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THE HAMERKOP

14 April 2014

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The hamerkop Scopus umbretta is found near water bodies from the south-western Arabian Peninsula south to Africa and Madagascar except in highly arid regions. The word umbretta is Latin for shade or dusky brown. The sexes are alike in plumage and the adults are some 56 cm tall. The males weigh 535 g as opposed to 475 g in the females. The hamerkop (Afrikaans for hammer head) is completely umber in colour, but darker on the wings and paler on the under parts and throat. The bill is black and has a sharp hook. The eyes are brown and the legs and feet are black. Young birds look like the adults.

Hamerkops are silent when foraging on the ground. They are locally common and sedentary but move to different foraging areas. They inhabit the edges of shallow water bodies and wetlands and rarely occur along coastlines. The hamerkop is usually solitary or occurs in pairs and is active mainly by day. Hamerkops can aggregate in large groups at abundant food resources. They walk with rapid, jerky steps while moving the head and neck back and forth and do not excrete on their legs as storks do in hot weather. Hamerkop pairs do mutual grooming and there is often false mounting with the male getting on to back of a female to stand there and clap his wings vigorously. Up to ten birds may roost together in a bush beside the water, but single birds may roost with cormorants, egrets and Hadeda ibises.

The hamerkop is agile in flight and uses thermals to glide. It dips the bill in water as a displacement behaviour when it is disturbed. Hamerkops forage while flying over or standing along the edge of water. They push the feet alternately into mud or shake the feet in water to disturb prey and snatch it. They also forage from the water surface while flying over water at rapids. The hook on the bill allows a hamerkop to extract prey from vegetation. It sometimes hunts for food from the back of a hippopotamus or accompanies a band of banded mongooses Mungos mungo that forages around a waterhole. It also associates with grazing cattle or the African savanna buffalo to forage for grasshoppers that fly up. Hamerkops mostly eat adult toads or tadpoles of Xenopus (platannas) which has the same distribution pattern as the hamerkop. They also eat small frogs, fishes, insects and aquatic invertebrates such as shrimp, and occasionally small mammals, and scavenge food scraps from fish eagles, crocodiles or even lions.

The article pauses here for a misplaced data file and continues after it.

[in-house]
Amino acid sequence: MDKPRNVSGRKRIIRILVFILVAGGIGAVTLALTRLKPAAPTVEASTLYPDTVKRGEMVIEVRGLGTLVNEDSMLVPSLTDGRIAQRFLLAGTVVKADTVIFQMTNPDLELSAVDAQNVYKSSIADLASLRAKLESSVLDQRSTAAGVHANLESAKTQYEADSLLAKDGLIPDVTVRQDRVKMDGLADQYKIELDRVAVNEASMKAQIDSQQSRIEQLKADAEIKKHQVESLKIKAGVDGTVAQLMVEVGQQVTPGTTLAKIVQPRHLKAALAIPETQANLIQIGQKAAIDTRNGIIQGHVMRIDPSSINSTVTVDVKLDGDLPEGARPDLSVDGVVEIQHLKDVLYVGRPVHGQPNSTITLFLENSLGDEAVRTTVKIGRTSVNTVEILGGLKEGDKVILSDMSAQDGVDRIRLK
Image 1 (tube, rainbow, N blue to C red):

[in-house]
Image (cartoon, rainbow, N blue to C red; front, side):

The hamerkop breeds from July to January, but this varies regionally. It lays three to nine chalky white eggs which are incubated for 26 to 30 days. Nestlings stay in the untidy nest for 45 to 50 days. This nest is built by both sexes and is a characteristic deep pile of sticks in a forked branch that forms a woven frame for the nest chamber. Occasionally the nest is built by several pairs. There is a nesting chamber with an entrance low on one side of the nest. The nest is built mostly at sunrise or sunset and the male brings mud to female who lines the walls and floor of the chamber with it. The nest is often decorated with dried leaves and measures 0.7 to 2.0 m in diameter and is 100 to 200 mm high. The nest chamber is 45 to 60 cm diameter and has a downward-sloping entrance funnel. The same nest may be used for up to four years.

Reference:

Hockey, P A R, W R J Dean and P G Ryan (eds) 2005. Roberts – birds of southern Africa, seventh edition. Cape Town: The John Voelcker Bird Book Fund, pp 603 – 604.

Article by Prof J du P Bothma

 

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